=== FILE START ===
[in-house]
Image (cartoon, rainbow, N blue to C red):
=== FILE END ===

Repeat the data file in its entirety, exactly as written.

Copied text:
[in-house]
Image (cartoon, rainbow, N blue to C red):